DMG Newsroom

Myanmar’s military and the Arakan Army (AA) reached an informal ceasefire agreement ahead of the country’s November 2020 general election, after some two years of often-intense fighting in Arakan State. Military tensions have escalated this month, however, with clashes increasing in frequency and casualties reported on both sides, as well as hundreds of civilians displaced.

Over recent weeks, hostilities have flared with regularity in Maungdaw Township, which was spared the worst of the fighting during the preceding two-year conflict. Combined contingents of junta and border guard forces have engaged AA troops along the Maungdaw-Bangladesh border on a near-daily basis.

Political and military observers recently spoke to DMG about what prompted the ongoing fighting in Maungdaw, and why Arakan State’s northernmost township is important for both sides.

U Pe Than || Veteran Politician

Maungdaw has been controlled by border guard police and military authorities. Being the border, Maungdaw is important for the military, especially because of Muslim problems and the Arakan Rohingya Salvation Army. If the United League of Arakan/AA can control that place, it will be able to establish ties with the Bangladeshi government. So, authorities will not give up that place.

At the same time, the area is crucial for the AA. So it has deployed large numbers of troops in Paletwa [in neighbouring Chin State] and at the border with Bangladesh and India. It is part of the AA strategy to pressure the Myanmar military into withdrawing from the area. The AA said at a recent press conference that the regime has removed seven of its outposts in Maungdaw.

In successive periods, authorities in Maungdaw were corrupt and they made money off illegal Muslim immigrants. They are also involved in the drug trade, and perhaps even top-level authorities might be involved in the drug trade. It is a significant issue in Maungdaw. So, the two sides will vie for the control of Maungdaw.

U Than Soe Naing || Myanmar Affairs Analyst

The AA has lately carried out operations in border towns. Rather than fighting face to face with the regime, it mainly attacks the outposts at the border. It is because security personnel assigned to those outposts are police and they are weaker in terms of size and weaponry. In Maungdaw, there is a border trade camp with Bangladesh. So, if it can control Maungdaw, this will bring not only military benefits but also economic benefits for the AA. So, the AA is conducting military operations to control the Maungdaw border trade zone.

Colonel Min Tun || Arakan National Council / Arakan Army (ANC/AA)

Speaking of Maungdaw, the area from a military point of view covers the entirety of Maungdaw; Buthidaung and Rathedaung, which previously were part of the Mayu District; as well as Sai Tin adjacent to Buthidaung; the Paletwa route; and the Maungdaw-Bangladesh route over the Naf River. So, the side that can control those areas will have a military advantage. And it will also bring other advantages like trade with Bangladesh, and control of the border.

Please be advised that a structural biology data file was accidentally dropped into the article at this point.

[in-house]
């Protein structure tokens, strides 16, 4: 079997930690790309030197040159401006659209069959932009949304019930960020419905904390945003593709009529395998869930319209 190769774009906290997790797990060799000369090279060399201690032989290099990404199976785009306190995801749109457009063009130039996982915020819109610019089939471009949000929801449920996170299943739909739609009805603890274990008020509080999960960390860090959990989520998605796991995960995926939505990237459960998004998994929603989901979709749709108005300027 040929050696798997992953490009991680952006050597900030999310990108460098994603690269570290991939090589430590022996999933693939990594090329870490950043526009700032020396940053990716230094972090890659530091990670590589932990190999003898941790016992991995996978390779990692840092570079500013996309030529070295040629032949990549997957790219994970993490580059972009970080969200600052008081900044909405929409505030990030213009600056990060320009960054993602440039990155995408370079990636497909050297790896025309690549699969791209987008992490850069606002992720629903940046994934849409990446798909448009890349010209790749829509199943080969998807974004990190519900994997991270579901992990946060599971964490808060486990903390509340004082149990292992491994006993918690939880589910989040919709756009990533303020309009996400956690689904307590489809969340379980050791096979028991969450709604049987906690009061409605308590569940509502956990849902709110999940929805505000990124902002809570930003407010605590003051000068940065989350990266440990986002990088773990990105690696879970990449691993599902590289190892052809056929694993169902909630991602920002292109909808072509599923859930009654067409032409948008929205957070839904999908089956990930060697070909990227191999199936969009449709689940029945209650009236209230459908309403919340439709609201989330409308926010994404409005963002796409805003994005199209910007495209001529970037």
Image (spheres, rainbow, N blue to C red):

Both sides will know better about their military situation. However, from other perspectives, any group that fights the Bamar military will win public support; not only the support of locals in Arakan but also the support of the entire Bamar people, because the military does not have the support of the Bamar people.

Previously, the military could play the racial card between Arakanese and Muslim people to their political advantage. But they can’t do so now. There has been a certain level of understanding between Arakanese and Muslim societies. So, if the military opens a front in Maungdaw, they are more likely to suffer heavier losses than the AA both militarily and politically, as well as economically.

U Maung Ohn || Former Arakan State MP, Maungdaw Township

The military has blocked off supply routes in Maungdaw, which is taking a toll on local people. This is also a reason for continued fighting in Maungdaw. Locals will suffer more if clashes intensify. There have been arrests of residents in Maungdaw, and more arrests will result in clashes. For example, the military will arrest administrators and young people if a clash happens near a village. The AA will not tolerate this.

So, there are real chances for clashes to continue in Maungdaw. The military has blocked off roads in northern Maungdaw, and also banned travel between Buthidaung and Maungdaw. Overall, the ULA/AA has control over Maungdaw, especially Kyein Chaung and beyond. The military has withdrawn from some outposts in northern Maungdaw, and some border guard police have deserted.

U Ye Htun || Former Lower House MP, Shan State

Locals will know better about why clashes are taking place in Maungdaw. We are far from there, and it is difficult for us to analyze the details. My view is that there are Muslim refugees as well as the ARSA [Arakan Rohingya Salvation Army] there. And there have been discussions on repatriation of Muslim refugees. So, it might be a reason.

Or they might also be fighting for control of the drug trade at the border, and the [legal] border trade. This is the same in our Shan State; armed groups vie for control of the border as it is important both militarily and economically. If the AA wants that, the regime will prevent the group from having it, and clashes happen as a result.

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